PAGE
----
The branch of the linden is leafy and green,
The Rhine gives its gold to the sea.
But somewhere a glory awaits unseen.
Tomorrow belongs to me.

The song reprises at the end of the first act, when Cliff becomes aware for the first time that many of those around him are Nazis. He is at an engagement party for a Jewish friend—the one explicitly Jewish character in the show. The song we first heard sung in the voice of a child now sounds strong and threatening, a promise of the rise of Nazi Germany. While “The Sound of Music” commends the Captain’s nationalism and makes those embracing the Anschluss seem weak of character (and in reality the majority of Austrians welcomed the Nazi takeover), “Cabaret” makes its viewers wary of what unfettered nationalism can lead people to support. When two characters start singing “Tomorrow Belongs to Me,” it is not only those wearing Nazi armbands who join in the song.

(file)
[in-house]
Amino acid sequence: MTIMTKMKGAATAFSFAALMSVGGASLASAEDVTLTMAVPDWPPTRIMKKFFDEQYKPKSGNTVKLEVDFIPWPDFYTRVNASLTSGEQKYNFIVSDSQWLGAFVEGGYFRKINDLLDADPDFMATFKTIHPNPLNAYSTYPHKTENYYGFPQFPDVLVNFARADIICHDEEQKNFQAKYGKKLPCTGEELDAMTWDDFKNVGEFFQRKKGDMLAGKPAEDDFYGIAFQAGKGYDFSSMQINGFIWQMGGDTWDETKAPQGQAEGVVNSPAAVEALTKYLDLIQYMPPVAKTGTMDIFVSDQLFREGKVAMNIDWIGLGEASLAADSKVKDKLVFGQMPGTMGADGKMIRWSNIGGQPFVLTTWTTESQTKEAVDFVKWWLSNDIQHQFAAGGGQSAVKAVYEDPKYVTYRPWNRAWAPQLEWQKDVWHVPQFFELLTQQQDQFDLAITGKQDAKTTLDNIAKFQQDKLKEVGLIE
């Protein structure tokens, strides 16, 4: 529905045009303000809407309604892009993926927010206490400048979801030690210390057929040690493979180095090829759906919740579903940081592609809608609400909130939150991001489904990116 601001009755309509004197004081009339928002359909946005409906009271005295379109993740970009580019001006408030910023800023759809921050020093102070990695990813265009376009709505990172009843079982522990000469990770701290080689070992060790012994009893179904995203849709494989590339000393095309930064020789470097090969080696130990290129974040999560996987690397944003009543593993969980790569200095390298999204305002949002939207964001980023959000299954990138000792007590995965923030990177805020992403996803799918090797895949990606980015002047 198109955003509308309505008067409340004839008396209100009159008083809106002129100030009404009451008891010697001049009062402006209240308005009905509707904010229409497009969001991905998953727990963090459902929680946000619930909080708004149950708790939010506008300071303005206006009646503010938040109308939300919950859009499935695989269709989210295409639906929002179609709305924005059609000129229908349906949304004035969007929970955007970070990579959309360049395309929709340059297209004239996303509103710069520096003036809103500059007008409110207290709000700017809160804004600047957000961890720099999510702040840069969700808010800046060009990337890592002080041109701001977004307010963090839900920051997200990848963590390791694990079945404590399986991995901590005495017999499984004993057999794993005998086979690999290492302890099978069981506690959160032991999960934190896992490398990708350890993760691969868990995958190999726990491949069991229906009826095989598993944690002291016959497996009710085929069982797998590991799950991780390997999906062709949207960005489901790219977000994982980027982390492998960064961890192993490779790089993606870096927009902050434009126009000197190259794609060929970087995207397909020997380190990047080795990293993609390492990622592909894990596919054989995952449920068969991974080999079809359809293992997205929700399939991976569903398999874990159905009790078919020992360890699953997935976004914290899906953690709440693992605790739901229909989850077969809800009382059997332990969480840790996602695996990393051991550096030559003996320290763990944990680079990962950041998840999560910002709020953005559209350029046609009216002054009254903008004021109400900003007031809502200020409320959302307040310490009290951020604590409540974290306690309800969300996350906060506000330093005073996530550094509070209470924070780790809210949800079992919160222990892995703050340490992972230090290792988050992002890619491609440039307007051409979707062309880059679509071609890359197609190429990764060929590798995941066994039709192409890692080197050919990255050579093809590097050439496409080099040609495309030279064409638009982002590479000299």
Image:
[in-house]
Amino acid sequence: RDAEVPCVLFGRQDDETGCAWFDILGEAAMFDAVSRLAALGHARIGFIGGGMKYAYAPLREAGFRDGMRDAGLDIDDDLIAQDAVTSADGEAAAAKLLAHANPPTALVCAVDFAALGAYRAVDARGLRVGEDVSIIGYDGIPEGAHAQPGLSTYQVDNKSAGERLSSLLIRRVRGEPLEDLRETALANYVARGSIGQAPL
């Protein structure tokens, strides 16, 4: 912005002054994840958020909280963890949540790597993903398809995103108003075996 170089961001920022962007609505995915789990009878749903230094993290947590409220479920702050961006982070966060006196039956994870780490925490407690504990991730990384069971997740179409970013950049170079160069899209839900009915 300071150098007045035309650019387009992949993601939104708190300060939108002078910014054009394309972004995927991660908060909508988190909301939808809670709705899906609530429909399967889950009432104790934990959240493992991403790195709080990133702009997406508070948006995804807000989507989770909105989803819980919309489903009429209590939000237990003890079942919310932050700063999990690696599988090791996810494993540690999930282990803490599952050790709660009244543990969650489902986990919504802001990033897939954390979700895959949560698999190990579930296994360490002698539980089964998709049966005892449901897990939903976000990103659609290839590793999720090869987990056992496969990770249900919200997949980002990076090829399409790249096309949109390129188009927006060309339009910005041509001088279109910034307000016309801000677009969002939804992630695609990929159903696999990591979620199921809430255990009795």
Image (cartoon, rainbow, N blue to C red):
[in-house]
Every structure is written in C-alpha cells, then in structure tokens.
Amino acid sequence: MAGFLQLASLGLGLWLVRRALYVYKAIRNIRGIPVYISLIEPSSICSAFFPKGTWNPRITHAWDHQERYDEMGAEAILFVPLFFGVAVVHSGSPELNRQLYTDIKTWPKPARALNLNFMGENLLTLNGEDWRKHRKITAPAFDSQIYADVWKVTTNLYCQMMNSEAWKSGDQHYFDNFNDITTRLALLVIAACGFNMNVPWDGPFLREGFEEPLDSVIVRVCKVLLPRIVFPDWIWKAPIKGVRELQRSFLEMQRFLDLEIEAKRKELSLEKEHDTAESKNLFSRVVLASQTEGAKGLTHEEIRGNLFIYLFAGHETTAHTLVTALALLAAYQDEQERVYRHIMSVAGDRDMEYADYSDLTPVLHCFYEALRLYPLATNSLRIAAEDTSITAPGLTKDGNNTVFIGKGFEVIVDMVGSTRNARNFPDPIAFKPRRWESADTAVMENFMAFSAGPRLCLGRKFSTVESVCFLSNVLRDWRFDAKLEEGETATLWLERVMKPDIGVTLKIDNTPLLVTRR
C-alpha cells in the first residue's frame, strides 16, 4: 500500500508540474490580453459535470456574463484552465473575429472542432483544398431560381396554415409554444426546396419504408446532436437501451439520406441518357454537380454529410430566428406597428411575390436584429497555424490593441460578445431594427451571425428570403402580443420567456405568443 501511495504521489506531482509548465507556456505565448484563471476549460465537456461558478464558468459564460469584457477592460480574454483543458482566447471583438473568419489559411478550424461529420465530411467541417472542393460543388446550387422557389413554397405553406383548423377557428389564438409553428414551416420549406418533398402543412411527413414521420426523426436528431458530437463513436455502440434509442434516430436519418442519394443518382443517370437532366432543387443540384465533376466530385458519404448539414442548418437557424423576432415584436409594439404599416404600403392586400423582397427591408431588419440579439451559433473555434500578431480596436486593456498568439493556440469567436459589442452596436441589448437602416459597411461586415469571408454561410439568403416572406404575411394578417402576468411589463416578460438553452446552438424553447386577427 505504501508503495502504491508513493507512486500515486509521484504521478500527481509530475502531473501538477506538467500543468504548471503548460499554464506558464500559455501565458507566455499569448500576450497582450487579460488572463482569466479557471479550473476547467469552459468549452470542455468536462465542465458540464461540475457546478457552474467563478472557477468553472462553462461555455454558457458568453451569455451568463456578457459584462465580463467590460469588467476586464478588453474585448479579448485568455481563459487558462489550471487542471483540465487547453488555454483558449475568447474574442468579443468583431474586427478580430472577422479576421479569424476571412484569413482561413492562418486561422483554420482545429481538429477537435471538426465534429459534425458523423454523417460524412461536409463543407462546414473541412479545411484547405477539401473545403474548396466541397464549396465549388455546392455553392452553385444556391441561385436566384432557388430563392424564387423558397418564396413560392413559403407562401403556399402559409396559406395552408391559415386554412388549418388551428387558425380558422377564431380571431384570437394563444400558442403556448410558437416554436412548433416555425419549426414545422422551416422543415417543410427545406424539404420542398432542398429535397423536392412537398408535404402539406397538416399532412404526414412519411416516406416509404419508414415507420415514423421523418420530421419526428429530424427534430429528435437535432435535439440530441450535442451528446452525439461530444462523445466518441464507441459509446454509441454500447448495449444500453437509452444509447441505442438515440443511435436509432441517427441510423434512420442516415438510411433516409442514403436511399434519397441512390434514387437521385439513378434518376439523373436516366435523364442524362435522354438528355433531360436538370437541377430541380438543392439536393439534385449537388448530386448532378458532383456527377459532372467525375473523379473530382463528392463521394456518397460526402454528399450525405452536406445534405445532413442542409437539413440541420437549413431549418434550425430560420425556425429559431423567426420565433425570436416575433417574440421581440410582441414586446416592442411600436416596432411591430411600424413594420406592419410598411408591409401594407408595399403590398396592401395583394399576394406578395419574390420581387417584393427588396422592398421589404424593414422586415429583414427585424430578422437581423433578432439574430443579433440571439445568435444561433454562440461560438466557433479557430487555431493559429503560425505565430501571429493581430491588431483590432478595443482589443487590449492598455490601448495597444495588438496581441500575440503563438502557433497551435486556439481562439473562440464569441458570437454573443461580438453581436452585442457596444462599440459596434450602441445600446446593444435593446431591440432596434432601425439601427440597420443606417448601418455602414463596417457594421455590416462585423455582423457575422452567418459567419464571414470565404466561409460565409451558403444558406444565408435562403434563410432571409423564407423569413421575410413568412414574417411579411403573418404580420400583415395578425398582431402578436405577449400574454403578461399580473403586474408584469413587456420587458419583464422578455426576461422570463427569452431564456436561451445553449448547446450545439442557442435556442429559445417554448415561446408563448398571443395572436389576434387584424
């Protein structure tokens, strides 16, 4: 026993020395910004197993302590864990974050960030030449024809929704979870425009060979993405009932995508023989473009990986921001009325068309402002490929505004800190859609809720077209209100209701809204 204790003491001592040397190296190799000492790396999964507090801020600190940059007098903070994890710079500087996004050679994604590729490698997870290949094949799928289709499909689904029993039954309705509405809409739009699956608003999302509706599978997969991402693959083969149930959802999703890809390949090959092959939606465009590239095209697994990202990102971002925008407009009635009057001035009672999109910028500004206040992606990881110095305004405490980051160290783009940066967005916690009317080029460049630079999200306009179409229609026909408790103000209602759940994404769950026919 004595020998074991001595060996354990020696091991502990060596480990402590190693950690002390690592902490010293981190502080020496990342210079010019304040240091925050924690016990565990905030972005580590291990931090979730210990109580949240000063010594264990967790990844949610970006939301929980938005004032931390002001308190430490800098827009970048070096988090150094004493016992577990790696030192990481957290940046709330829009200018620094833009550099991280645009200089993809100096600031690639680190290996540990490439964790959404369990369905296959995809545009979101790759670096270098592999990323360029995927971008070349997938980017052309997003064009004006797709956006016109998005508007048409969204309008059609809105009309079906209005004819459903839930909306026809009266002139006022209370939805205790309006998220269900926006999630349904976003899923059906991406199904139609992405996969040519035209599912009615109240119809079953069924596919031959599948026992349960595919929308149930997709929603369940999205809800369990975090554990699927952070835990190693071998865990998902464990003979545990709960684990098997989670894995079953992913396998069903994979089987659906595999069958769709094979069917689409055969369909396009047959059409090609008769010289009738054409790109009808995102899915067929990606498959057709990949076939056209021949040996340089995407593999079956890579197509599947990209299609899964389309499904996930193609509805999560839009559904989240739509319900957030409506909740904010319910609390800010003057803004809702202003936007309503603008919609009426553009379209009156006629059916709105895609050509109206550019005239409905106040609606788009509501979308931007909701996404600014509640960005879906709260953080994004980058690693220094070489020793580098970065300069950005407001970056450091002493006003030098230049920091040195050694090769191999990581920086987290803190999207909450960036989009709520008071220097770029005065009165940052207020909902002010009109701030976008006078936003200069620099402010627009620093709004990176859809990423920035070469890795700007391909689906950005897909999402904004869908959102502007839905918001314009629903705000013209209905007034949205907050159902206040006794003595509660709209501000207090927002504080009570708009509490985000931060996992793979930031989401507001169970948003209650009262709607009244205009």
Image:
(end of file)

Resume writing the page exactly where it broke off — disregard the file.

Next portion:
There are a surprising number of parallels between the shows. Where “The Sound of Music” has Rolf, “Cabaret” has Ernst Ludwig, a friendly political something-or-other who befriends Cliff on the train into Berlin. He takes Cliff to the Kit Kat Klub (and the fact that he encourages this act of escapism is significant in itself), finds him work teaching English for a little bit of money, and sets him up with an easy job smuggling baubles in Paris for a little more. Except what he smuggles aren’t baubles, they’re supplies for the Nazi party, of which Ernst is a member; he is one of those who leads the rendition of “Tomorrow Belongs to Me.”